“So they put over 820 million whosawhatsits on the thingy and provided 2.0 Gigasomethings, coupled with a gizmo that drives another doohickey! …And that’s why we’re the leader in innovation.”

Yeah. Right. What he said.

We’ve all been there at some point, sitting in a pitch, or a brainstorm or a strategy meeting that goes all loco. The kind of meeting where the architects or engineers or people that work in development, are flooding you with technical information that’s over your head. Better yet, they’re trying to push those features or specs into the communications message and strategy.

The kind of meeting where you just want to take their 800amps of power something and shock yourself to make sure you’re still awake.

Just relax. Take a deep breath and remember that you’re not alone.

Let’s face it, we work in the tech industry and have an outstanding book of business because we’ve established a level of trust with our clients. And sometimes, it takes that meeting to listen to the engineer and ask some basic questions, in-order-to gain the trust of not only your client, but also yourself.

I’ve had a wide-range of clientèle, from hospitality to medical, caterers to adult beverage makers. But it was the high-tech clients that taught me the most. I’ve learned from them not only how to be a better client representative, but also how to take a higher-interest in the “behind the scenes” development and innovation that gives us products and services to represent.

For those of you who don’t know, I come from the land of marketing communications and branding. There’s an exercise that I started doing with every client of mine so I could understand more about what they do, their user impact and how the end-user will benefit and make their preference choice. I sit in my office, and develop their brand architecture statements by answering the following questions to the best of my knowledge with as many responses as possible (we’ll use the shoes I’m wearing as an example):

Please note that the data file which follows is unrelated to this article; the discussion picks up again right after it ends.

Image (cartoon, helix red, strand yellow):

• What are the product features? (non-slip sole, strong arch support)
  • What are the product’s functional benefits? (Support, stability, non-slip)
  • What are the product’s emotional benefits? (Strength, comfort)
  • What are the psycho/social benefits? (When I use this product, I feel/am: secure; ready for the road ahead)

It’s a basic framework. But it gives me a better understanding of the top-level product pitch. Now comes the hard part.

Because I start this on my own, I don’t always know all of the product features. I might know that this shoe has an arch support, or a non-slip sole, but do I know the technical details of it? Why did they choose to support the arch with a hard-plastic or gel base instead of foam? Why is this sole non-slick? Is there something special about the tred?

Sometimes asking those “why” questions about the basics, not only gives us a better product understanding but lets the client know you’re interested. And if you don’t understand something that’s explained to you, have them try and spell it out.

One of my old clients was a medical implant company. They created spinal cord stimulations devices for chronic-pain sufferers and I was in-charge of their re-branding campaign. All the product marketing team kept talking about was “independent current control,” and “1% increments,” and this funny word “parasthesia.” Though tech savvy, I’m no biomedical engineer and I was completely in the dark.

It wasn’t until I had them explain the system to me, teach me Ohm’s law, and show me the cadavers (yes dead people), that I finally understood the impact of their product. They controlled electrical current and nerve stimulation. They got people off of pain-killers for a more functional life. They made pain “feel like champagne.” Moreover, because I took the time to learn, the team was more responsive to my future recommendations.

It sounds daunting. Heck, it’s down right scary sometimes to have these conversations with people more technically-savvy than ourselves. The good news is we’re not expected to hop on the production line and make the next chip. But, if you can build your knowledge and get through the gigabytes, semiconductors, and the nuts & bolts, you’re way ahead of the game.

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